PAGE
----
How To Start Turning Around a Behemoth
ED ZANDER, CEO, Motorola
(Business 2.0) – You replaced Chris Galvin as CEO of Motorola in January. What's the first thing an outsider does to run a legendary high-tech company that has seen better days?
I knew I was coming in at the top of an 85,000-employee company without any support structure. I showed up the first day and wondered, Whom do you trust? I didn't even have my own administrator. Over Christmas, I read three books: Jim Collins's Good to Great; the first 100 pages of Lou Gerstner's memoir on turning around IBM; and Execution, by Lawrence Bossidy, because I'd heard Motorola was only so-so in execution. I also called CEO friends of mine for advice. I had lunch with John Chambers of Cisco. I flew to D.C. and talked with Michael Capellas at MCI. And Pat Russo at Lucent.
I came in with a plan of action, but I also knew I'd better live in the house for a little while before I jump to conclusions and start firing people. In the first week, I had one-on-ones with everyone, letting them talk. As much as I like to talk, for the first month I tried to listen. I held one or two "town hall" meetings a week, all across the country.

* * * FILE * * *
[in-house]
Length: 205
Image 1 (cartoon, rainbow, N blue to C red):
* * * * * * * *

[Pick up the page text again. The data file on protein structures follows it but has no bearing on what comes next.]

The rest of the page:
How did you think about the message that you wanted to deliver?
I wanted the employees to understand my hot buttons, so I kept my messages very simple. Basically it was the five reasons I joined Motorola: the market opportunity; the technical prowess, with one of the strongest labs on the planet and a great patent portfolio; the brand, which, while tarnished, is an awesome franchise; the company's great customers; and, finally, the employees themselves. We've got great people who want to win. I didn't want to provoke them. I didn't attack the culture.
The decisions I made that first month were another way of communicating the message. I quickly validated the decision to spin off the company's semiconductor operations—that showed I wouldn't second-guess everything that happened before I got here. I also made a big decision to change the compensation plan for management to include criteria for quality and customer satisfaction. And to back it up, I hired a chief quality officer and a vice president for customer advocacy.
What was your biggest surprise when you arrived on the job?
That customers weren't a high priority at Motorola. I sat around my first three weeks, and no one asked me to make a sales call. So I picked up the phone and called two of Motorola's largest customers, Brian Roberts at Comcast and Tim Donahue at Nextel. I introduced myself and asked to go see them. That helped make my game plan very specific. Any advice I had for Motorola in the first months had better be right, or I'd spend the next six months undoing my mistakes. I knew the worst thing you can do as a CEO is to guess wrong. Your credibility goes to zero. — G.P.Z.